The most significant thing about the new kitchen is the central range which has been tailored specifically to meet the demands of the chefs and Carmelo Pérez, the Head Waiter. Almost all the equipment is gas-fired and made by Flores Valles, apart from the convection ovens which are by Rational.
‘What we were aiming for was to update the existing equipment while adhering to the restaurant’s traditional character, which is one of the hallmarks of Zalacaín, but without ruling out cutting-edge equipment,’ says Patxi de Juan, the head of Industrial Kitchen Sales at Flores Valles. A solid kitchen that is a worthy foil for the dishes of Julio Miralles, the current chef at Zalacaín, and his team.
A high-end kitchen for Ramón Freixa in Panama
There are certainly no complaints from chef Ramón Freixa about his new kitchen in the Hotel Las Américas in Panama, housed within the stunning Golden Tower. In actual fact there are two kitchens, on floors 28 and 29, which are used for events; each one covers an area of around 300 square metres and provides enough space for 10 to 15 people to work at any one time.
The kitchen on floor 28 is an internal facility equipped with modular units that form a perfectly assembled whole. On floor 29 the kitchen is an open one with spectacular equipment: it features a bespoke cooking range that includes induction hobs, a hard chrome grill and other elements that stand out in a space where all the work surfaces form a continuous plane and were welded in situ, without the slightest fissure that might trap dirt.
EThe project was developed jointly by the Santos Grupo and Joaquín Casademont, from design through to assembly, with the fine-tuning completed by the technical team of the Santos Group in Panama. The work was also coordinated by Ramón Freixa, who determined the exact specifications he needed: above all, the chef values functionality, ease of use, robustness and hygiene.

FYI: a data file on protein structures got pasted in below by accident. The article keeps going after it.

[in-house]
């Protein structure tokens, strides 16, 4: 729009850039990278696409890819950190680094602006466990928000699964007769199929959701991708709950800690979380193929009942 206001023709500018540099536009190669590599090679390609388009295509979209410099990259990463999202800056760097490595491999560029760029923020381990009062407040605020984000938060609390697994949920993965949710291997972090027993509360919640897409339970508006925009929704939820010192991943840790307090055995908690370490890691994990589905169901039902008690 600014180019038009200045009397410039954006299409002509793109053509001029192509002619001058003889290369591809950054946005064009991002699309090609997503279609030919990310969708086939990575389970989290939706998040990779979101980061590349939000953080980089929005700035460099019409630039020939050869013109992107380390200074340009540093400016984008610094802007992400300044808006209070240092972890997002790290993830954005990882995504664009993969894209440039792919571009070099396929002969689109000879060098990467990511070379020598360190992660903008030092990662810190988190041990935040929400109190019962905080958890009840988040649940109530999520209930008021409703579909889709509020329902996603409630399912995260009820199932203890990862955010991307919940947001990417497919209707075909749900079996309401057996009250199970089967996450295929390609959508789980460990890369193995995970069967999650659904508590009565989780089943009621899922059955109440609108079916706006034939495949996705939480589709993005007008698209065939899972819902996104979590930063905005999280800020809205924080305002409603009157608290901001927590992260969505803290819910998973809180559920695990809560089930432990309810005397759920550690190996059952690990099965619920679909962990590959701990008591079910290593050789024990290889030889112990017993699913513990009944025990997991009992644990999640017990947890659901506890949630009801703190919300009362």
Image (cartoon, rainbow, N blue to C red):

Most of the equipment is gas-fired although there are also state-of-the-art induction hobs. Also worth mentioning are the Wexiodisk washing systems with an energy recovery system and an automatic hood life, a new feature that is a first in Latin America.
The fairy-tale kitchen of Dani García
Among the ‘signature’ kitchens, we simply have to mention the one in Dani García’s restaurant in the Hotel Puente Romano in Marbella. With an area of 340 square metres, this open kitchen was designed by architect Juan Carlos Rodríguez. Dani García was very clear that his kitchen should be the shining light of the whole establishment, contrasting with the colours and features of the rest of the restaurant. Apart from the open kitchen concept, he has added another key feature: making the customer feel like the protagonist of a real fairy-tale. For this reason, fantasy and childlike décor imbue every corner of the restaurant.
The luminous, pristine, open-plan kitchen of Dani García’s restaurant is a blank canvas for the creativity of the Malaga-born chef, and an incredible visual experience for diners. The walls and worktops are clad in white Zenith laminate by Dekton (Cosentino) en contraste con suelo oscuro e industrial de Dekton en tono Keranium. in contrast to the dark industrial floor by Dekton in Keranium. The food safety and hygiene aspect of this material was a determining factor in its choice, as well as the feeling of space, cleanliness and purity it offers. Pilsa has been in charge of the whole kitchen project.